Loading presentation...

Present Remotely

Send the link below via email or IM

Copy

Present to your audience

Start remote presentation

  • Invited audience members will follow you as you navigate and present
  • People invited to a presentation do not need a Prezi account
  • This link expires 10 minutes after you close the presentation
  • A maximum of 30 users can follow your presentation
  • Learn more about this feature in our knowledge base article

Do you really want to delete this prezi?

Neither you, nor the coeditors you shared it with will be able to recover it again.

DeleteCancel

Make your likes visible on Facebook?

Connect your Facebook account to Prezi and let your likes appear on your timeline.
You can change this under Settings & Account at any time.

No, thanks

INFOGRAPHICS

viscom group report
by

kah galaura

on 30 July 2013

Comments (0)

Please log in to add your comment.

Report abuse

Transcript of INFOGRAPHICS

INFOGRApHICS
or Information Graphics are graphic visual representations
of information, data or knowledge intended to present
complex information quickly and clearly.

1629
Christoph Scheiner published the Rosa Ursina sive Sol, a book that contains research on the rotation of the sun, along with its illustrations.
1790
William Playfair published the first data graphs in his book The Commercial and Political Atlas.
Histograms
Bar graphs
Statistical graphs
21st Century
The
Internet
now becomes a primary source of infographics, especially in the social networking sites.

Also in classrooms and offices. Infographics are now used in almost every possible topic or advertising there are to discuss.
1820
Carl Ritter established modern geography. His maps included scales, map legends, shared framed etc.
1857
Florence Nightingale persuaded Queen Victoria to improve hospital condition with the use infographics: the Coxcomb chart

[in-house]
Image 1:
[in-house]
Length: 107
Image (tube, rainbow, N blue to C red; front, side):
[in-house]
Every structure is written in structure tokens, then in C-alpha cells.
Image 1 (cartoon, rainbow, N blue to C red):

1878
James Joseph Sylvester introduced the word 'graph' in Nature magazine along with a set of diagrams showing the relationship of chemical bonds and mathematical properties.
1942
Isidore Isou published the Lettrist manifesto, a document covering art, culture, poetry, film and political theory
Otto Neurath developed the Vienna Method in which simple images where used to show data
The Pioneer 10 and 11 carried in them the Pioneeer Plaques that contained a pictorial message meant for extraterrestrial beings.
1972, 1973
1975
Edward Tufte, the Father of Data Visualization wrote a series of books:
Visual Explanations
The Visual Display of Quantitative Information
Envisioning Information
Parts of an INfographic
this includes the colors and the graphics themselves.
Visual
the data gathered from many reliable sources.
Content
Knowledge
the insight formed from the data.
8 TYPES Of
INFOGRAPHICS
How-To
shows a step-by-step guide in a particular scenario
Research Results
an infographic that shows the results of a study or survey
Compare and Contrast
an infographic that compare 2 different events, products, ideas, philosophies etc.
Did You Know?
interesting facts about one topic or more put together in one infographic.
Demographics
an infographic on the characteristics of a population; traditionally used in market research.
Advocacy
an infographic that seeks to give aid to an issue or a problem
Timeline
infographics that show how a particular event or object came to exist.
Tips or Demos
conveys general information or practices that will be useful to your target audience
data is quickly understood; through the Internet, information travels faster.
END
Principles of Infographics
1. An infographic is, by definition, a visual display of facts and data. Therefore, no infographic can be produced in the absence of reliable information.

2. No infographic should include elements that are not based on known facts and available information.

3. No infographic should be presented as being factual when it is fictional or based on unverified assumptions.

4. No infographic should be published without crediting its source(s) of information.

5. Information graphics professionals should refuse to produce any visual presentation that includes imaginary components designed to make it more “appealing” or “spectacular.” Editors should refrain from asking for graphics that don’t stick to available evidence.

6. Infographics are neither illustrations nor “art.” Infographics are visual journalism and must be governed by the same ethical standards that apply to other areas of the profession.
Full transcript